From 2015, "Dark Places" stars Charlize Theron, Nicholas Hoult, Christina Hendricks, and Corey Stoll in an adaptation of a novel by Gillian Flynn (Gone Girl).
Theron is Libby Day, one of two living survivors of the mass murder of her family in 1985 in Kansas. Where else - it's where the murders in In Cold Blood took place. The other survivor is her brother Ben (Stoll), a teen at the time, who has been in prison for the last 25 years for the murders, due to what she told the police.
Libby is a cold, closed-off human being, understandably, given what she went through as a child; she cashed in on the murders and never worked. As a child people sent her money, and she also wrote a book -- well, her name was on it and she was paid, but she states that she never even read it. Now that she's an adult, she has $412 left and has never had a job. So when she's approached by a crime club called the Kill Club, which discusses and works on famous murder cases, she takes their money to make an appearance.
Though she insists her brother is guilty, Libby takes more money to actually investigate for the club's president (Hoult). It has to be done right away because storage problems in the state building mean that cases more than ten years old will be destroyed in a few weeks.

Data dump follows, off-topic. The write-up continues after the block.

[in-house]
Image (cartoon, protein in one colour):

Flashbacks recreate the circumstances surrounding the murders, showing her mother (Hendricks) trying to hold onto their farm despite poverty, her alcoholic husband who shows up for money, Ben being accused of child molestation and of practicing Satanism, and Ben's relationship with Diondra (Chloe Grace Moretz), who seems to be the town bad girl.
Slowly Libby is able to put the pieces together and learns the stunning truth.
I don't understand the vilification of this movie - what has it ever done to anyone? A 26% fresh on rottentomatoes.com. Was it Hate Charlize Day or what? This is a terrific, suspenseful film that will keep you guessing right to the end.
Theron gives a frosty performance, right on for this isolated, unfriendly woman who has cut herself off from the world and people. She wears a baseball cap throughout most of the film; we don't really get to see her true beauty unless it's off. There is a book called "Flesh and Fantasy" which has a chapter on How to Win an Oscar. One way is for a beautiful movie star to make herself look bad, as Theron did in Monster. She prefers to make films that are not about her gorgeous looks, and this was one.
Christina Hendricks does a great job as Libby's downtrodden mother - she looks and acts defeated - a far cry from being one of the glamorous stars of "Mad Men."
For fans of this genre, and I gather for people who haven't read the book, I think this is a very well done film that deserves to be seen as a rental or on Amazon streaming.
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